By the way, Mike, I actually am curious if you think that a light-rail/streetcar line would be viable in this situation. If you still don't think so, there is probably little point in trying to convince city officials.

Pantograph Trolleypole said...

New Starts Program Current Projects http://www.fta.dot.gov/publications/reports/reports_to_congress/planning_environment_6373.html

Streetcar project costs aren't so concise and haven't been federally funded, but check out the www.heritagetrolley.org page. They usually have costs in the links to each project.

DSK said...

Having lived in downtown New Haven (on Elm St near Howe), I don't think you'd see any benefit from running rail on the route you propose unless it was reserved-guideway. But reserved-guideway light rail could work.

The Elm Street leg is definitely wide enough to do it without too much griping. Whalley would be a little dicier to do without taking away some of the current wide sidewalk space, but I think you could swing it up to the "downtown" of Westville (maybe terminate right before Fountain splits out).

I don't think I'd try to go down Union Ave, though. You'd probably have to have some kind of flyover curve over the Amtrak/Shore Line East cooridor that brought the light rail alongside those tracks, and end the line with a new platform right in the middle of the Union Station rail yard, with an extension of the Union Station pedestrian walkway tunnel.
That downtown-to-Union Station segment would be pretty expensive compared to the rest, but probably the right investment.

Cap'n Transit said...

The LIRR has numerous grade crossings, especially on its outer branches. It also has several on the Montauk Branch, which runs from Jamaica through southwestern Queens to terminate in Long Island City. However, the Montauk Branch only runs one diesel revenue train per day in each direction, in addition to freight and equipment moves.

New Jersey Transit has several grade crossings, particularly on outer branches like the North Jersey Coast line. The three main Metro-North lines do not have any, at least as far as Croton and Southeast, but there may be some on the three New Haven branch lines.

Anonymous said...

DSK,

Thanks for the suggestions. The exact route is of course flexible. I had thought of suggesting it run down Union Ave in order to reduce the cost of the flyover and it to give the potential of having Union Station not being the terminus (the chance to add a small turn up the road to Yale-New Haven hospital, a major employment center is not to be forgotten). Also, after looking at some bus ridership data, it might also make more sense to send the route up Dixwell Ave (potentially terminating at Hamden center), rather than down Whalley.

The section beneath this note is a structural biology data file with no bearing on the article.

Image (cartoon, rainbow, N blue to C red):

In any case, I'm going to bring up this suggestion to a pedestrian/cycling advocacy group here in New Haven and send a few letters.

The situation is rather odd: it's hard to tell your political leaders that such a project is worth considering, because you aren't an expert (at least I'm not). On the other hand, in general, the experts only give advice when the political leaders have contacted them and asked (and often paid) for their services.

Anonymous said...

err, I meant eliminate the cost of a flyover.

Mike said...

Sorry, I missed new activity on this thread - yes, I was incorrectly assuming Hartford (with which I have a bit of experience). I don't know enough about New Haven to have much opinion on it - but DSK obviously does.

Anonymous said...

Good, though still small, news for anyone who is still interested: "a streetcar initiative" is one of four items on the agenda for an upcoming Commuting meeting in New Haven:

"Transit for Connecticut" Community Meeting, Next Week

The Connecticut Association for Community Transportation and CT Transit
are sponsoring a community meeting next Tuesday, October 2 from 9:00 AM
to 12:00 PM in Room G2 of 200 Orange Street, New Haven. The meeting is
both an opportunity to listen and advocate for expanded public bus
transit service in New Haven.

Some of the City's priorities include a (1) new "cross town west
route", (2) more frequent service on major bus lines, (3) improvements
to the downtown shuttle / trolley program and, (4) a new streetcar
initiative. Elected officials, Connecticut Department of Transportation
representatives and state transit advocates will be on hand to listen to
your comments and concerns. If you have any questions, please do not
hesitate to call me at (203) 946-8067 or to RSVP, please call (877)
926-8300.

Michael Piscitelli, AICP
Director
Transportation, Traffic and Parking Department
City of New Haven
200 Orange St., Ground Floor
New Haven, CT 06510
(203) 946-8067
FAX 946-8074